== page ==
Argo (2012) IMDB Top 250 Guest Review

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Today’s IMDB Top 250 Guest Review comes from Mark of Marked Movies. He also reviewed Heat for this project – you can read that review HERE. Thanks for the reviews, Mark! 🙂 Now let’s hear his thoughts on the movie Argo, IMDB rank 195 out of 250…

There are still some movies up for grabs if anyone wants to do a guest IMDB Top 250 review. You can find the list HERE. See the full IMDB Top 250 list & links to all the films that have been reviewed HERE.

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Director: Ben Affleck.
Screenplay: Chris Terrio.
Starring: Ben Affleck, Bryan Cranston, Alan Arkin, John Goodman, Scoot McNairy, Rory Cochrane, Christopher Denham, Tate Donovan, Clea DuVall, Victor Garber, Kyle Chandler, Zeljko Ivanek, Richard Kind, Kerry Bishé, Chris Messina Michael Parks, Taylor Schilling, Titus Welliver, Bob Gunton, Keith Szarabajka, Philip Baker Hall.

After a great directorial debut with “Gone Baby Gone” in 2007 and a brilliant sophomore effort with “The Town” in 2010, all eyes were on Ben Affleck in his third outing as director. Questions were asked as to whether he could do it again. And the answer? The answer is a resounding, ‘Yes’. Argo completes Affleck’s hat-trick behind the camera and confirms that he’s definitely a director that has an abundance of talent and awareness.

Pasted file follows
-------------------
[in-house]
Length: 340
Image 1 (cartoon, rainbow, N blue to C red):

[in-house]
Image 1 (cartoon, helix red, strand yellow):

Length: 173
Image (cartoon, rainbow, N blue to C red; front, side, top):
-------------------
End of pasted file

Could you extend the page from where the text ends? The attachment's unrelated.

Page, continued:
Based on true events in a post-revolution Iran in 1979. A mob of Ayatollah supporters storm the US Embassy and take 56 American hostages. 6 officers managed to escape, however, and take refuge in the home of a Canadian Ambassador. After two months in hiding and their sanctuary becoming increasingly risky, the CIA hatch a plan to get them home and extraction officer Tony Mendez (Ben Affleck) is given that responsibility. His plan is to create a fake movie called “Argo” and pretend that the six officers in hiding are his crew, scouting for shooting locations within the country.